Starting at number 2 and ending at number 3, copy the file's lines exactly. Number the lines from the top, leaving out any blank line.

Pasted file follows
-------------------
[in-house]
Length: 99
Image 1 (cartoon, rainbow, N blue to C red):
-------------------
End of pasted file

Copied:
Length: 99
Image 1 (cartoon, rainbow, N blue to C red):